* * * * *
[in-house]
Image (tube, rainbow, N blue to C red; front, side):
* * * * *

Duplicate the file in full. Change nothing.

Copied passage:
[in-house]
Image (tube, rainbow, N blue to C red; front, side):